Japan’s tourism minister confirms changes to IR policy likely


There’s one thing that’s perfectly clear about Japan’s integrated resort (IR) plans – it’s that nothing is perfectly clear. By now, everyone had expected the industry to be much further along than it is; however, as with any type of construction, there are always unforeseen delays. In developing the IR Basic Policy that would govern the gambling space, Japan has had to overcome several obstacles, including a pesky worldwide pandemic that doesn’t seem to want to go away. Even though there may soon be a vaccine for the coronavirus, the damage has already been done. According to Japan’s tourism minister, it is almost a necessity that the IR Basic Policy framework is reevaluated before it can be released, and this is going to slow down the process even more.

The news that delays are coming doesn’t come as a surprise, as there were rumors floating around last month that the release of the Basic Policy would miss its July deadline, possibly leading to several more months of having to wait. Now, though, Japan’s Minister of Land, Infrastructure, Transport and Tourism, Kazuyoshi Akaba, has confirmed that COVID-19 is forcing lawmakers and regulators to take a look at the policies more closely as they consider making significant adjustments. One of the biggest adjustments could center on the amount of cash needed to get a project going.

Akaba said, according to Japanese news outlet Sankei Biz, “Some IR operators who have partnered with local governments are in a difficult situation due to the impact of the new coronavirus, and there have been opinions saying that the future is uncertain. We will act carefully, and once we have properly confirmed the situation with local governments on the ground.”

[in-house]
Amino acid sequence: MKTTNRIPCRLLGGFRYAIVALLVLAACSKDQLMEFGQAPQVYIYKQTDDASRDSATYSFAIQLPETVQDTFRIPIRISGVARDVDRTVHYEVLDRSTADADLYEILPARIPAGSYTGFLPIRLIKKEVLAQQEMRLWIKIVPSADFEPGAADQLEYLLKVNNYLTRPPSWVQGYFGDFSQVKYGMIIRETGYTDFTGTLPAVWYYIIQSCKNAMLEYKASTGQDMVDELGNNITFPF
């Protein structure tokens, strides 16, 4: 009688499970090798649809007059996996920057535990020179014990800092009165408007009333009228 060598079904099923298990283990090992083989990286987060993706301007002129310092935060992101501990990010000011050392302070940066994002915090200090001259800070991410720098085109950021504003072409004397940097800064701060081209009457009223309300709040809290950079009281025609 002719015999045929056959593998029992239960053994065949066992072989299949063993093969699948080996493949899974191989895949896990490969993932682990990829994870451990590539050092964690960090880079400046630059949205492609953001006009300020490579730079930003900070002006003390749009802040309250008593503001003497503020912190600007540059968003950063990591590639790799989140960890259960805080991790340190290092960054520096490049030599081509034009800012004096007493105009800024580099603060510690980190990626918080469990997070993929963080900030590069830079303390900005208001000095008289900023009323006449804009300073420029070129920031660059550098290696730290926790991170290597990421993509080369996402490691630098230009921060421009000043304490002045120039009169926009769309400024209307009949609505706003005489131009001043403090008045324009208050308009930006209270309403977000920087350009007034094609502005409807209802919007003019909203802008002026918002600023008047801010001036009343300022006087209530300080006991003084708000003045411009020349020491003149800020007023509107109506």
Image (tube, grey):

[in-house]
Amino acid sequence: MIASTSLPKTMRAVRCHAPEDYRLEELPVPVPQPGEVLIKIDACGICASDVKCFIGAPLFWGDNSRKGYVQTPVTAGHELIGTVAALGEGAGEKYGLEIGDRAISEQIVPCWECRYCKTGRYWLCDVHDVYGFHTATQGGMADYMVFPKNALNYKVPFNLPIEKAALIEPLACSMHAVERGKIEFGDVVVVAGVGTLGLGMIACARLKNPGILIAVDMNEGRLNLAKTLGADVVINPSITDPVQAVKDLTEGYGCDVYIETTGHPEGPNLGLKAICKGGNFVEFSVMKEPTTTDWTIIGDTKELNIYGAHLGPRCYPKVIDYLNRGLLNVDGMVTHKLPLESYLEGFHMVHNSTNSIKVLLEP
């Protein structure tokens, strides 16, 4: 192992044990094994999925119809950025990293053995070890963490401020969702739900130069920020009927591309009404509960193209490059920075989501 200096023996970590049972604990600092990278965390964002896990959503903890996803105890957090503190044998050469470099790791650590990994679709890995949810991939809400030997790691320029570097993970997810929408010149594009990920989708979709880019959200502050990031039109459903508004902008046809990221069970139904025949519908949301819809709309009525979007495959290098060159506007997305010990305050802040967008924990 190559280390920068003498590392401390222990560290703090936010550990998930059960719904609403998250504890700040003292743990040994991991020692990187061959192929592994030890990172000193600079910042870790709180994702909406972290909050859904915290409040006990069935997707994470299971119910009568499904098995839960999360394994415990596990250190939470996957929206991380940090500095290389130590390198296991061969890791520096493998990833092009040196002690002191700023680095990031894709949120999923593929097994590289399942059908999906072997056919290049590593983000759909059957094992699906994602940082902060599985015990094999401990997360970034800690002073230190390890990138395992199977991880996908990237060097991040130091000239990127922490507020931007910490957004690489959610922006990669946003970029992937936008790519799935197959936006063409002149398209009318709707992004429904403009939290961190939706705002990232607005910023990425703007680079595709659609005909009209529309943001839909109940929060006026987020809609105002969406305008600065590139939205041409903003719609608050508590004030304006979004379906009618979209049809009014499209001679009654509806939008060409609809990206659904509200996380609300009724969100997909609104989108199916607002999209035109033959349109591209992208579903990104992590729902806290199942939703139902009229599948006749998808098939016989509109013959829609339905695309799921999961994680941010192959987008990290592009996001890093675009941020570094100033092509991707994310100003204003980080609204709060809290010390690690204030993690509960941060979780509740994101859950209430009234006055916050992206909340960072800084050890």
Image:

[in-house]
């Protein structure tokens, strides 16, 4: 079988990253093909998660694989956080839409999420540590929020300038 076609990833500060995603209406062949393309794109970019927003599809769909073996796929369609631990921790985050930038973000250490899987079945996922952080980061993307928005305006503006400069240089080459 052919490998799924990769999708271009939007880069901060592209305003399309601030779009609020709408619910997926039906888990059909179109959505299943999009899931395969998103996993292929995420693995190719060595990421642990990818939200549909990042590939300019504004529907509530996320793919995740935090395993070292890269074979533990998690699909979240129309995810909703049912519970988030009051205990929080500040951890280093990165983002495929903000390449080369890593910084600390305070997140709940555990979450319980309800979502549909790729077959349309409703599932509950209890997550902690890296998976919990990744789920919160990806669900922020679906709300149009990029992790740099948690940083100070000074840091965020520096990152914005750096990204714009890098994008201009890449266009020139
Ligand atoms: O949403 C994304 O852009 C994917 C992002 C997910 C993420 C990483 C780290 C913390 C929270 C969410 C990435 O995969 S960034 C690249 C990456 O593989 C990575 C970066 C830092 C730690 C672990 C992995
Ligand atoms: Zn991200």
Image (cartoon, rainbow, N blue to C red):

Several casino operators have already decided to put their Japanese plans on hold due to the delays, as well as the amount of money that would be needed to make a play for one of the first three IR licenses. Now, the prefectures that would most likely host the properties and the operators are dealing with cash squeezes because of the pandemic, which makes things more difficult. Las Vegas Sands, Wynn Resorts, MGM Resorts and others have gotten cold feet, while continuing to assert that a casino in Japan remains on their long-term radars. Of the three MGM Resorts is the only one still in the game, but it has already hinted that it could withdraw if unfavorable investment conditions were applied.

Yokohama, Osaka, Nagasaki and Wakayama, the four primary locations that are on the shortlist for approval, have already been forced to delay their plans because Japan’s Diet hasn’t been able to produce the Basic Policy. With no clear indication as to when that policy will be delivered, or what it will contain, none of the possible hosts can move forward, which is only going to introduce further delays and obstacles once the Basic Policy is, eventually, released.